Some months ago, I read, and enjoyed Stardancer (The Song of Forgotten Stars Book 1), the first book by Jaquandor, a/k/a Kelly Sedinger, quite a lot, actually. And it won’t be his last book, judging by his Forgotten Stars website. In fact, the second book in this series is coming out this week.
What’s it like to use a scientific formula to fall in love?
Something I find interesting about both Bernie Sanders and Donald Trump – the two most popular candidates that Nate Silver says don’t have a chance in hell – is that their supporters repeatedly cite their authenticity.
Maybe that says something interesting about the American psychology in 2015. What do you think?
What is the #1 thing that annoys you on social media?
Mostly that so much of it is so banal. I post these blog posts to my Facebook and Twitter and get a few comments. I write, in response to an Esquire clickbait article, “If you think I’m going to click on this 80 times, you’re crazy;” it’s gotten over 120 likes, many of them in recent days.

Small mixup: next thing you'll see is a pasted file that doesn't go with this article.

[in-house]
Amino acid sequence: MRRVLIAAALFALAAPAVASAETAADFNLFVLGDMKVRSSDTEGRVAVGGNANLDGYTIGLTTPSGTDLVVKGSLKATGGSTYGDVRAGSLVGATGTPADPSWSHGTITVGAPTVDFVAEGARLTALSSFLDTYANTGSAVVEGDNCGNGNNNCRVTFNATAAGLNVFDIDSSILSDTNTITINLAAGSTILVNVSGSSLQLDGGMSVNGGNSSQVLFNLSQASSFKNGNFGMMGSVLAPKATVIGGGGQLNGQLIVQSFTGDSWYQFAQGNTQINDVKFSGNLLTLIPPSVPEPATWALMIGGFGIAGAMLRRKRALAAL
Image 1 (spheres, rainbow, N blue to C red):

Sometimes, though, it does some good. Which nicely segues to…
*** Jaquandor muses:
I often hear calls for “a national conversation” to deal with Big Issues. What would a “national conversation” look like?
I jumped all over the presentation, calling it sham science, and pointing out the many ways in which it was confusing or obscuring the truth. Expecting to be met with nodding approval, I instead faced several annoyed looks and the strong feeling that I was being wished out of the room.
Then Facebook went and spoiled it all when someone said something stupid.
It was no one I knew—a friend of a friend—but it was such utter delusional nonsense that my jaw literally (yes, literally) dropped (remaining literally attached to my head, fortunately). It doesn’t matter who said what to whom about what; suffice it to say, the person’’s comment was factually wrong, silly, and… delusional.
It was an outrage! Errors needed to be corrected, truth and facts needed to be asserted! So, I did — nothing.